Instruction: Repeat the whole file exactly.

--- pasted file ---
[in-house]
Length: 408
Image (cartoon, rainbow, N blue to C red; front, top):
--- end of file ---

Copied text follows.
[in-house]
Length: 408
Image (cartoon, rainbow, N blue to C red; front, top):